GOP’s Cruz, Perry React to Gay Marriage Ruling
In unsurprising fashion, two of Texas' most prominent members of the Republican Party issued statements following a federal judge's ruling Wednesday, who said that the state's ban on same-sex marriage is unconstitutional.
It took no time at all for Senator Ted Cruz to respond Judge Orlando Garcia's ruling, who left the gay marriage ban in place pending a ruling by an appeals court later this year.
"Today's ruling by a federal judge, invalidating Texas' ban on same-sex marriage, is a troubling display of judicial activism," Cruz wrote on his website. "Our Constitution leaves it to the States to define marriage, and unelected judges should not be substituting their own policy views for the reasoned judgments of the citizens of Texas, who adopted our marriage law directly by referendum. The court's decision undermines the institution of marriage, and I applaud Attorney General Abbott's decision to appeal this ruling to the Fifth Circuit Court of Appeals."
But Cruz isn't the only high profiled Texas GOPer to rant about the ruling. Texas Gov. Rick Perry also took issue with Garcia's decision too, releasing a more succinct statement Wednesday.
"Texans spoke loud and clear by overwhelmingly voting to define marriage as a union between a man and a woman in our Constitution, and it is not the role of the federal government to overturn the will of our citizens," Perry said. "The 10th Amendment guarantees Texas voters the freedom to make these decisions, and this is yet another attempt to achieve via the courts what couldn't be achieved at the ballot box. We will continue to fight for the rights of Texans to self-determine the laws of our state."
Texas Attorney General Greg Abbott said he will appeal the ruling, adding the issue will "ultimately be resolved by a higher court."
"Because the judge has stayed his own decision, his ruling has no immediate practical effect," Abbott said in a statement posted on his website. "Instead, the ultimate decision about Texas law will be made by the Court of Appeals or the U.S. Supreme Court. The U.S. Supreme Court has ruled over and over again that States have the authority to define and regulate marriage.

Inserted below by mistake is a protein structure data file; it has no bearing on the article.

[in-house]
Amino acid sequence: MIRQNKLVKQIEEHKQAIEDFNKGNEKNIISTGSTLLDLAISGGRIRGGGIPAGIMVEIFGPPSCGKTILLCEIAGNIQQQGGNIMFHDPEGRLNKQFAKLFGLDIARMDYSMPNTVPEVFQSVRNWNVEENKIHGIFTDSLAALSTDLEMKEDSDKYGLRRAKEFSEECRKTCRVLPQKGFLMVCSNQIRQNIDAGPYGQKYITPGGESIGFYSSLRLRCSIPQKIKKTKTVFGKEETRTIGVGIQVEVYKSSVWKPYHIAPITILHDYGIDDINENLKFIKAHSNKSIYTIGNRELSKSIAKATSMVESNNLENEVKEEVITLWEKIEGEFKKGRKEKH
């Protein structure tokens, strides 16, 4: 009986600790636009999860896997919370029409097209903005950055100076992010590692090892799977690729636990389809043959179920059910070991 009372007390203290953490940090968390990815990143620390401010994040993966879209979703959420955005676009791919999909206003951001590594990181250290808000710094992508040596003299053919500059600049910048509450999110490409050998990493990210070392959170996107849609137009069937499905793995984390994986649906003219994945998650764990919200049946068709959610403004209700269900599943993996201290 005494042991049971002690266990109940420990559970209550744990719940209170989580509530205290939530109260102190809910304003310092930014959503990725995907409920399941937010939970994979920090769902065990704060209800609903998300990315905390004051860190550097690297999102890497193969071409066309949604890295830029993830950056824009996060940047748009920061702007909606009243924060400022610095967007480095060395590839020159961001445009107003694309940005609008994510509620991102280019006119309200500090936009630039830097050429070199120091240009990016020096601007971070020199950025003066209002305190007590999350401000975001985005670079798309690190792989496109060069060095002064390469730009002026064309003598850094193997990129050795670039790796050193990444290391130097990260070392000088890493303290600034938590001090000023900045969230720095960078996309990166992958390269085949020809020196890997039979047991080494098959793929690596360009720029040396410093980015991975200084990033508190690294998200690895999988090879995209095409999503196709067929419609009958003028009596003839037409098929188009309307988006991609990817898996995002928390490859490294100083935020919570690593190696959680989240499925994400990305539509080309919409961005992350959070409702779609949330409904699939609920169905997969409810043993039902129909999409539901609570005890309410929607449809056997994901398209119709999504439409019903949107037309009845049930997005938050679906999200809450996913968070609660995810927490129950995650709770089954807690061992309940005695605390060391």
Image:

"The Texas Constitution defines marriage as between one man and one woman," he continued. "If the Fifth Circuit honors those precedents, then today's decision should be overturned and the Texas Constitution will be upheld."
Of course, lesser conservatives had something to say about the ruling, like Brain Brown, the head of the National Organization for Marriage, a group bent on banning same-sex marriage throughout the country.
Brown wrote on NOM’s blog:
"We’ve seen a rash of these rulings in recent weeks, all making the same errors about binding Supreme Court precedents relevant to marriage and all issued by activist judges bound and determined to redefine marriage in defiance of thousands of years of human experience. These egregious decisions by unelected judges throwing out the votes of millions of Americans have been shamefully encouraged, aided, and abetted by the lawless actions of President Obama and his administration, especially the Attorney General. It simply has to stop. Critical issues like marriage that are foundational to civilization cannot be permitted to be taken over by activist judges and out of control political appointees. The voices and values of ordinary citizens are being trampled by judges determined to impose profound social change that affects citizens in the deepest and most fundamental ways. The American people, and our leaders in Congress, need to step up and restore the powers of government to their proper balance."
Finally this is what Jonathan Saenz, president of the anti-gay marriage group Texas Values, had to say about the incredible ruling via a press release:
"This ruling by unelected federal Judge Orlando Garcia is the most egregious form of judicial activism of our generation. This hollow victory and clear attack on morality and the rule of law will not stand in Texas. The fight for marriage is far from over. This is just the beginning of an epic battle that the Texas people will ultimately win in name of the only true and lawful definition of marriage: one man, one woman."
When Garcia, who was appointed by President Bill Clinton, made his ruling he said the same-sex couples who are challenging the ban would likely win their case but would not enforce his ruling pending the 10th Circuit Court of Appeals, which is already hearing tow other states’ cases. He will also give Texas time to appeal the case to the 5th Circuit Court of Appeals in New Orleans.
"Without a rational relation to a legitimate governmental purpose, state-imposed inequality can find no refuge in our United States Constitution," Garcia wrote. "These Texas laws deny plaintiffs access to the institution of marriage and its numerous rights, privileges, and responsibilities for the sole reason that Plaintiffs wish to be married to a person of the same sex."